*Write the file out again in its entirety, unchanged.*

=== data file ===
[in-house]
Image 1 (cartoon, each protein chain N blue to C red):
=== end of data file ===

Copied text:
[in-house]
Image 1 (cartoon, each protein chain N blue to C red):